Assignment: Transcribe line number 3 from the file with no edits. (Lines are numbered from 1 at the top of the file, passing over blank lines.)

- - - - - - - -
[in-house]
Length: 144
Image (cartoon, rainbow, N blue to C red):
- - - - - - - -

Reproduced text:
Image (cartoon, rainbow, N blue to C red):